There was definitely a grind when I was part of the Warhammer blogging community. I felt like I had to read all the WAR blogs to make sure I wasn’t writing on the same topic as someone else. I had to follow WAR news so my blog was up-to-date, had to play the game more often than normal so I had more inspiration. When I joined the WAR Community Promotion Initiative, started by Warhammer Alliance, it became even more of a grind as I had to link to other members weekly. I’m a perfectionist, so I never felt happy just leaving a link, I felt as though I needed to write a full description of the blog, so that added a lot of work.

My way of coping with it was eventually to just stop blogging in that community. Now that I’m blogging at Girl Unplugged, I don’t feel a grind at all. When it does start to feel “grindy,” that’s when I know it’s time to take a break or quit.

By contrast, what do you find pleasurable about blogging?

As I said previously, I love when others read, comment, or link to my posts. It’s nice to know that there are people consistently reading what I’m writing; that they think what I have to say is valuable enough to subscribe to my blog.

At times it can be cathartic, such as one of my first posts at Girl Unplugged in which I complained about the hubbub surrounding my WAR blog name. I felt like I was getting a lot of criticism about it from the community, so it was nice to have the opportunity to vent.

There are also certain things I can blog about that my family or friends might not understand. It’s hard to tell my mother (whom I speak to almost every day) that I’m pissed off because something terrible happened in a game, but I can post about it and get instant feedback and consolation from others who have experienced the same thing.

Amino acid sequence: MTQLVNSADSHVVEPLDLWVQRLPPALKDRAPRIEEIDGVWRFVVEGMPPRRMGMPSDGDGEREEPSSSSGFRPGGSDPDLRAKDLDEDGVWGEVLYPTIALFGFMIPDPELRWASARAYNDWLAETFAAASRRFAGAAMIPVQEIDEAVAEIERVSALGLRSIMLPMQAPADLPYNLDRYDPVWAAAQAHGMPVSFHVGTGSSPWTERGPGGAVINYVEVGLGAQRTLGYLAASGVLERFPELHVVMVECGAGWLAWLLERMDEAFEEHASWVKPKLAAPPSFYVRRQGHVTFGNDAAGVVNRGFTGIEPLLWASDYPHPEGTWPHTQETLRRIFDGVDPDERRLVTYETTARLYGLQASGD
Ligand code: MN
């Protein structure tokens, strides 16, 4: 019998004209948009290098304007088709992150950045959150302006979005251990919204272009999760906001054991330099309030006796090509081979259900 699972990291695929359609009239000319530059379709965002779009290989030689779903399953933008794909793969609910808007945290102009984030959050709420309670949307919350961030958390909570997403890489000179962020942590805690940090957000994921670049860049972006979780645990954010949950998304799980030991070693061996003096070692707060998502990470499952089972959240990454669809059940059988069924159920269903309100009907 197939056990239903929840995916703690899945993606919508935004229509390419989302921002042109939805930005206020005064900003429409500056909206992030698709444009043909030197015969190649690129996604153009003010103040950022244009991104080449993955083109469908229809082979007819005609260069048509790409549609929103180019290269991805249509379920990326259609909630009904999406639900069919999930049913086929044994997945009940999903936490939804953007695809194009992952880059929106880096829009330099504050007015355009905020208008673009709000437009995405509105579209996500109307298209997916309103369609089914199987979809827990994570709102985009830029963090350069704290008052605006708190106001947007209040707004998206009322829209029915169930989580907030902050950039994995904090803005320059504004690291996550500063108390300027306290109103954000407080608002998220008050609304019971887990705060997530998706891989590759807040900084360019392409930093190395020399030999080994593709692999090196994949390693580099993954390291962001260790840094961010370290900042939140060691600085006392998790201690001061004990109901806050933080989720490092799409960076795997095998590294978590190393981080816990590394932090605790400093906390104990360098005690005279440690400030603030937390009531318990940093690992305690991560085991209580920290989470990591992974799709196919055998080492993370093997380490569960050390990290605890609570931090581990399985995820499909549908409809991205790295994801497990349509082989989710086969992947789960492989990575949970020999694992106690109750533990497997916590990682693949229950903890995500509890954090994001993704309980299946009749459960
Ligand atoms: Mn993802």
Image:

How many people offline know you blog or podcast?

My boyfriend knows, as does my mother. I believe my brother and my mother-in-law know about it as well, as they follow me on Twitter and I post links to blog updates there. One or two offline friends know as well, for miscellaneous reasons. So about 5 or 6.

What advice would you give someone who wanted to try their hand at blogging?

Make sure you really like what you’re discussing, that it’s something you’re passionate about and not just a fad. Avoid being overly critical about the subject, or else you’re going to get burnt out and wonder why you were playing that game/watching that show/whatever in the first place.

Finally, whenever and wherever you come up with a post idea – in the shower, at dinner, in the car – write it down immediately! I’ve had terrible mornings where I remembered that I had an idea, but I didn’t write it down so I couldn’t remember what it was. That’s just the worst, especially when you’re behind schedule.

What is something you know now that you wish you had known when you first started?

I wish I’d had the foresight to recognize that I couldn’t blog about WAR forever. If I had known that, perhaps I wouldn’t have taken a WAR specific domain name that limited me from writing about other topics when I eventually was no longer interested in the game.

Can you picture a future where you will hang up your keyboard and no longer blog?

I think it’s possible. At the moment I’m taking a big break from my regular life – no school, no job, etc. – so I have a lot of free time on my hands. And yet I still only blog once a week! So when I resume my normal activities, I think it’s very likely that blogging will become much less of a priority to me, enough so that I stop blogging altogether.

I’m a writer at heart, though, so even if I stop blogging I’ll probably still be writing and may even revisit blogging after an extended break. You never know!

At your funeral, what song(s) would you have played as your corpse is set alight and cast out to sea on a funeral barge?

I don’t think about what’s going to happen at my funeral. If it were up to me, I wouldn’t have one as I’d live forever and never die. The only song lists that I think about are what songs I’ll have played at my wedding! I don’t know, I guess if I had to pick right now, off the top of my head, I’d say, “Don’t Stop Believing” by Journey. I’ve always loved that song. Who doesn’t?